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Tracy Boychuk: Tips for Artful & Sustainable Floral Design

Tracy Boychuk is turning sustainability into an art form, one Chicago rooftop at a time. As founder and creative director of The Roof Crop, Boychuk oversees its 13 rooftop gardens, an apiary and shop, and projects for clients across the city. Tracy does it all with an eye for design, whether she’s using a dynamic Lingbi stone  — discovered at PAGODA RED — as the centerpiece of a garden or arranging local peonies in a rare antique teapot.

The Roof Crop installed its original garden in 2015, as a joint venture with another firm. Tracy explains, “As it was a meadow system, there were a large variety of native plants and food as the initial seeding and we planted more food and flower crops, as well.” Since then, the Roof Crop developed as its own firm with a consistent mission — to “produce edible produce, edible flowers, cut flowers and natural dye materials.”

Tracy’s commitment to zero-waste gardening is truly remarkable. Excess from the Roof Crop’s yield is turned around and used to craft herbal teas, handmade soaps, and bath products. Chicago restauranteurs are lucky to have such a resource — she works closely with local chefs to source the freshest product.

Green roof at the Viridian on Sheridan created by the Roof Crop.

The Roof Crop is also playing an important role to restore the declining bee population. From cultivating and managing over 40 active beehives to selling honey that funds educational grants, their holistic approach to sustainable gardening is inspiring.

A client garden by The Roof Crop, featuring a Lingbi stone from PAGODA RED. Photo by Jon Ford.

Tracy recently visited PAGODA RED to chat with us about floral arranging, using several one-of-a-kind collectible vessels in her demonstration. The vessels span time, yet each one works well with the lush peonies. “The vessels inspired peonies as that is their theme. I’m usually not that literal, but peonies look good in everything! They are amazing.”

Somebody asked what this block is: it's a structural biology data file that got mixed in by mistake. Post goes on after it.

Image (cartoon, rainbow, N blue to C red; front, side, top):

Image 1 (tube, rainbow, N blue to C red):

First, Tracy paired the peonies with a contemporary Blue and White Double Happiness Jar. Tracy advises that the “… scale of vessel to blooms is important. Most people put too few blooms in a vase that is too big for them. When in doubt pick a smaller scale vessel and more blooms than you think will fit.”

The peonies have an entirely different effect in a 120-year-old Green Glazed Salt Jar. “I reacted to the color of the vessels to arrange and edit but this was an easy one — gorgeous vessel and gorgeous product.”

The dynamic “Portal Vase” by Viktor Van Bramer changes the effect of the peonies yet again. Here, Van Bramer’s abstract brush strokes — painted onto glass — create a chic juxtaposition with the billowy flowers.

For those of us who are true novices, Tracy says, “If you aren’t feeling the knack, stick to one bloom — bunch of peonies, bunch of sunflowers — and keep it clean and simple.”  Add a bit of creativity by choosing an unexpected container, like she did with this century-old teapot. “Ultimately,” says Tracy, “. . . design with blooms that you love. Every dahlia we grow makes me smile.”

Sustainable flowers in artful, timeless vessels — a beautiful design choice across continents, both now and certainly well into the future.


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